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Ambiguous Chaos: A Conversation With Wretched Blessing

Updated: May 24

Diving into the Chicago duo's latest undertaking — a multi-faceted escapade.

wretched blessing interview, wretched blessing, death metal, black metal.
Photograph by Vanessa Valadez

Words by Luis (@HeaviestOfArt):

On April 26th, Wretched Blessing (Yautja, Immortal Bird, Coliseum) released their self-titled EP – an inaugural listening experience packing grandiosity within the compact EP structure. It's to be expected of a musical pedigree spanning all ends of the metal spectrum and a vibrant Chicago underground built from camaraderie and likeminded creative interests. At the forefront of it all is an alluring and interdisciplinary cover by Querétaro, Mexico's Kikyz1313, who excels at bridging distinct practices to form one comprehensive body of work, much like the EP it represents.

Despite the artwork having been created years prior to the EP's inception, it's the universality of the cover illustration and Wretched Blessing's introspective lyrics where common ground is found, resulting in one uncomfortably rewarding conversation being had within the two art forms. Varying emotions depicted through hand gestures and facial expressions, all while moments of atmospheric solace transition into black metal blasts and hard-hitting death metal passages from one track to the next, keeping listeners (and viewers) on their toes as layers continue to unfold. So much is expressed throughout the EP's 6-track runtime, so much that isn't immediately grasped upon the initial listen, and rightfully so. There's plenty to take from a Wretched Blessing EP that doesn't conform to genre boundaries, and we had the opportunity to dive deeper into this hard-hitting beast for your reading pleasure.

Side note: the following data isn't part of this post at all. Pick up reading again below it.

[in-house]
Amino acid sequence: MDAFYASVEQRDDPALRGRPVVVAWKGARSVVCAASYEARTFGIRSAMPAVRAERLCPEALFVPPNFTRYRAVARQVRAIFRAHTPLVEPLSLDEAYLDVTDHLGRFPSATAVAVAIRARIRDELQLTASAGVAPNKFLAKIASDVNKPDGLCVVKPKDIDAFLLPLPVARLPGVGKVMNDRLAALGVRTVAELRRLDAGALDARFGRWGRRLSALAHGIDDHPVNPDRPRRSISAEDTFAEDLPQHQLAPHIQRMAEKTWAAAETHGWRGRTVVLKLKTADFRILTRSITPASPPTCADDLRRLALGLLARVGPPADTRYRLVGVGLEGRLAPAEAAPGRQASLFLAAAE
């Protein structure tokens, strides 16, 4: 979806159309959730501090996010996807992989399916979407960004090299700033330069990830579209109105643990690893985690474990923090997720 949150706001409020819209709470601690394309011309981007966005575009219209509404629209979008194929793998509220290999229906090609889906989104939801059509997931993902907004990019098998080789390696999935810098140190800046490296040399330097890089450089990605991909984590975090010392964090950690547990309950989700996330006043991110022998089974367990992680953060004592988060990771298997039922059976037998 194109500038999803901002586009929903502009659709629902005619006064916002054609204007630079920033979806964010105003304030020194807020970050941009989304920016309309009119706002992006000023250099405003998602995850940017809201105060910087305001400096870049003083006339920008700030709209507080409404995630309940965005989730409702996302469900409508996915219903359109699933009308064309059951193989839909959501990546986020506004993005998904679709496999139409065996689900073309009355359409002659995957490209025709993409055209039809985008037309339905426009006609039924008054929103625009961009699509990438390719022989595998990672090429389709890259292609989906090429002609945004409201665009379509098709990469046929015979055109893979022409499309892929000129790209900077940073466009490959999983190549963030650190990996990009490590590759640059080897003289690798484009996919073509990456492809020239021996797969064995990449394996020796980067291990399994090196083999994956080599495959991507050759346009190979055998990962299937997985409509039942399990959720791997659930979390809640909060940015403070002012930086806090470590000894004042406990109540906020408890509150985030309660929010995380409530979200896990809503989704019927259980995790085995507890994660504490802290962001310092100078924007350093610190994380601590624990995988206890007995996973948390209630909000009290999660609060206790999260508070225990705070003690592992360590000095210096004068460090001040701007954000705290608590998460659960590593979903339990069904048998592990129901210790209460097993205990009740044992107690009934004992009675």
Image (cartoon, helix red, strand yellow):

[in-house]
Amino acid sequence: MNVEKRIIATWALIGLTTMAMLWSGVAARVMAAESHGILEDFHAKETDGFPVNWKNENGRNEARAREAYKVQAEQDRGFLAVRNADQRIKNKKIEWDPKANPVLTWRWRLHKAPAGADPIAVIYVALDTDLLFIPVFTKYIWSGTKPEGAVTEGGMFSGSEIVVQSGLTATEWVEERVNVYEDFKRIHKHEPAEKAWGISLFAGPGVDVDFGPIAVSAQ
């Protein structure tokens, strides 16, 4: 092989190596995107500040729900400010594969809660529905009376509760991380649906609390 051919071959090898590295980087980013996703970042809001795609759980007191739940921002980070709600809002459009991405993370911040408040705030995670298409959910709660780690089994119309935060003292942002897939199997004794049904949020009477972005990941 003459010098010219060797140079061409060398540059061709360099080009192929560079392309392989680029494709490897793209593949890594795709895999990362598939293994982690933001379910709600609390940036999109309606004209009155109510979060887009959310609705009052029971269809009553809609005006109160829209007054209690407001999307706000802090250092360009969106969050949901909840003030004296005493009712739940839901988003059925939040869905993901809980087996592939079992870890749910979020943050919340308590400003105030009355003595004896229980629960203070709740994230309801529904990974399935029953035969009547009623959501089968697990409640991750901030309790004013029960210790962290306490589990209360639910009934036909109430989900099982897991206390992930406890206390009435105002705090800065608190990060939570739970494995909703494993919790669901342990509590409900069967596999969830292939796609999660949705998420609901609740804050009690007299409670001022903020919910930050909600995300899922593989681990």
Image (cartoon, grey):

Dive through a Q&A with Wretched Blessing's Rae Amitay (drums/vocals) and Kayhan Vaziri (guitars/vocals) to learn more about the band's visual identity, community as a conduit for creative expression, and more:


Your self-titled EP is now out and in circulation, reflective of your years in and out of a variety of bands, as well as your own personal experiences. With Wretched Blessing being a boundless new project, what do you take from the freeing experience that is releasing a body of work without any expectations?

Wretched Blessing: There are expectations, to be sure. We hold ourselves to a certain standard when it comes to musicianship, and we also have a tremendous amount of respect for one another as people. Preserving and strengthening the quality of that connection through the music is a priority. It is very freeing to start something new that isn't beholden to genre tags or expectations in that sense. We both have a lot of shared musical taste but also our different influences come into play very naturally.

You've released an EP, and it’s an entry point to what is hopefully a fruitful discography for Wretched Blessing. Where did you look to take the release from a lyrical and compositional standpoint?